It doesn’t take a political genius to realize that what the public may remember from the Rod Phillips scandal is that Premier Doug Ford, by his own admission, knew much more about his minister’s Caribbean trip than he first let on.

While the rest of Ontario was facing COVID-19 inspired travel restrictions, the premier did nothing to right the public relations disaster before it damaged both he and his government irreparably.

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Schmale announces referendum: Medical assistance in dying bill

in Federal/Health by

Local MP Jamie Schmale announced that he will hold a constituency referendum – his third – to give every eligible voter in his riding the opportunity to cast a vote on whether Schmale should vote in favour of, or against, Bill C-7, An Act to amend the Criminal Code (Medical Assistance in Dying), when it comes to its final vote in the House of Commons.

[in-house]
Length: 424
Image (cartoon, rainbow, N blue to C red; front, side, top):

“I believe the people of Haliburton-Kawartha Lakes-Brock deserve to have their opinions heard directly. As such, I am asking the people of our riding how I should vote on this bill through a constituency referendum,” said Schmale.

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Second World War vet returns ‘home’ to Oakwood farm on Remembrance Day

in Community by
Second World War veteran, Jim Jenkins, outside his childhood home in Oakwood where he was born. Photo: Roderick Benns.

By his own admission he should have been killed many times during the four-and-a-half years that Jim Jenkins, 96, served King and country as a member of the Canadian forces.